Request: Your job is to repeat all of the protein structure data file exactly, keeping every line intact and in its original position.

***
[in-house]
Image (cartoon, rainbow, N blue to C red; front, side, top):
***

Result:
[in-house]
Image (cartoon, rainbow, N blue to C red; front, side, top):